Richard Scrushy was dealt another legal victory--at least for now--when a federal judge threw out the two fraud claims in the Securities and Exchange Commission's civil complaint against the founder and former chief executive officer of HealthSouth Corp.
U.S. District Judge Inge Johnson gave the SEC 15 days to appeal. John Worland, the lead SEC attorney, cited a gag order on the matter and declined to elaborate on the SEC's next move. A spokesman for Scrushy also cited the gag order and declined comment.
The judge didn't dismiss four other counts that Scrushy's lawyers requested removed, but the fraud charges are the most damaging because they carry the harshest penalties, according to Steven Smith, a partner in the law firm Bryan Cave. In the court order, Johnson said she threw out the fraud claims because they didn't specifically link Scrushy to faking HealthSouth's income.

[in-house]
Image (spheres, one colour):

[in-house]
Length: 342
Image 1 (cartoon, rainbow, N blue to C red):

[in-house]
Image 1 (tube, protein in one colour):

The SEC said it's seeking civil fines and restitution to shareholders from Scrushy, and to have Scrushy barred from being an officer or director of any publicly traded company. Birmingham, Ala.-based HealthSouth has said it intends to hold a shareholder meeting before year-end and shareholders will vote on the board. Scrushy, who has been barred from board meetings, could be officially removed.
HealthSouth settled its SEC lawsuit by agreeing to pay $100 million. Johnson sent the Scrushy case to mediation, scheduled to begin in January 2006, but in court filings both sides said the matter may still go to trial in February 2007.